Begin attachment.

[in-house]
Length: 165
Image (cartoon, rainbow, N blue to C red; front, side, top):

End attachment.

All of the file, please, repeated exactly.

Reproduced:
[in-house]
Length: 165
Image (cartoon, rainbow, N blue to C red; front, side, top):